It is so easy to lose sight of the individual in a group. Think about this for a moment. There are 30 people in a room and you are there. It is almost impossible to think of each one as a unique person with his or her own set of values, wants, needs and personality.
Sure you can say they are all unique and different – but treating them that way, as if they were the only one in the room – is a different story.
Which is why major gift work can be really complicated. You have 150 qualified donors on your caseload. And each person on that caseload deserves your full, creative and energetic attention. But, when there is a group of them, the individual can get lost if not properly managed.
Several days ago I was on the phone with an MGO talking about what he was doing with his donors during this critical 4th quarter of the calendar year. Don’t get me wrong, we had been talking about this long before the arrival of the 4th quarter, but experience has told me that I have to keep bringing it up even if it is just weeks away. Why? Because, many MGO’s just do NOT plan ahead and suddenly the best giving season is upon them and they have no plan!
So, as I brought up the topic I immediately discerned that the individuals on this MGO’s caseload had gotten lost in the group. They were just names, I.D. numbers and financial info, not real human beings with very special wishes and dreams to make the world a better place through their giving.
For this MGO the whole effort had become a job, not a sacred trust and partnership with the individual donors on his caseload. So I reminded him what this major gift thing was about and he perked up and got back on track. But precious time had been lost.
That is why, in this self-evaluation I want you to consider this thought: “Is this just a job or am I behaving as a relationship manager, charged with the very special responsibility to steward the interests and passions of 150 very good people who are relying on me to help them do good?” Good question. And as you ask yourself this question include the following points in your evaluation:
- Am I tracking donor progress against giving milestones and goals? Are you really in touch with when each donor gives and if they have missed a giving milestone? Are you regularly in touch with how each donor is giving against the goals you have set? If not, how do you know where you are with that donor? And, more importantly, if you don’t know this basic information, isn’t it true that you have let this donor just morph into the group of donors on your caseload and you have lost touch? It’s not too late to get back into the relationship. Just make up your mind to do it.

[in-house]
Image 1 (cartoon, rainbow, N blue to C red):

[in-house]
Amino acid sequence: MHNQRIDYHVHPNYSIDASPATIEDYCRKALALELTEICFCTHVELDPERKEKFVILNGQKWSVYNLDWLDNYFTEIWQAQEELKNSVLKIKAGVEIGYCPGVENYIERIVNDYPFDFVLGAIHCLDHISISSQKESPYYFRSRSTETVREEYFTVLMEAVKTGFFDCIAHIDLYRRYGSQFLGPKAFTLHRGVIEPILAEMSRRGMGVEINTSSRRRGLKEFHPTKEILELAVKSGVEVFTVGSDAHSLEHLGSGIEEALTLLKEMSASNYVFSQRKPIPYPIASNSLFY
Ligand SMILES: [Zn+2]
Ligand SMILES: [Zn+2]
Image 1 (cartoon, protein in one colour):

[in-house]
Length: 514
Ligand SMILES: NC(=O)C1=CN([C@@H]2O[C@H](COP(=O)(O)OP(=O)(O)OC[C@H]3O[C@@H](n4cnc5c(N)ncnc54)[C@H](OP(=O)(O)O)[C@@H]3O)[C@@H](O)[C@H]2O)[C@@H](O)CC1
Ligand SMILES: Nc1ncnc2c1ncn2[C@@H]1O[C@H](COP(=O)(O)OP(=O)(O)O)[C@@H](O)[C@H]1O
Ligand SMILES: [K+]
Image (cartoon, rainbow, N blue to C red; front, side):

- Do I have a plan that I am executing for each donor? I know, Jeff and I keep saying this over and over again. And here’s why. Most MGO’s do NOT have a plan. And yet they expect to be successful. It doesn’t make sense to me but, unfortunately, it’s the truth. Please, please make and execute a plan for each donor.
- Do I have a system for making calls and booking visits? You can have the best plan and not execute it properly, i.e., actually make meaningful contact with a donor. Do you have a system for connecting with the donor that works for you? If you do, then you are regularly meeting with donors. Check yourself out on this one.
- Have I learned how to manage my donor’s gatekeepers? If many of your donor’s gatekeepers are keeping you from the donor, then it is time to come up with an alternate approach. You can’t just keep ignoring this reality or there will be a group of donors on your caseload with whom you will never make progress. One MGO I talked with recently told me she is meeting with another MGO from another organization who had successfully managed to secure a multi-million dollar gift from a donor who is on each of their caseloads. What is the purpose of the meeting? To find out how to manage her way through the gatekeepers. What a brilliant idea!!
- Am I in touch with the individual donor’s interests and passions? Jeff and I will continue to ask this question every single day of our lives. Why? Because, over and over again, even after we have told the MGO that this is one of the most critical pieces of information an MGO can have, the MGO just does not know what the passion or interest of each of their donors is! This continues to amaze me – it is just unbelievable that a smart, professional, fairly self-aware MGO does not get this basic point. It is like starving to death and refusing to eat. Goodness!
- Do I really care about each of my donors? It actually does boil down to this one point, doesn’t it? Do you really care about each donor? Are you really interested in partnering with each one to fulfill his or her charitable interests? Or is it just about the money for you? Please stop and ask yourself this basic question. And answer it honestly. It is the most critical item you need to get in touch with as you examine WHO you are in this job.
This great adventure – this very important journey we call major gift fundraising – is about building relationships, nothing more. It is from a very solid relationship with each of your donors that you will experience personal success as an MGO. Don’t forget it.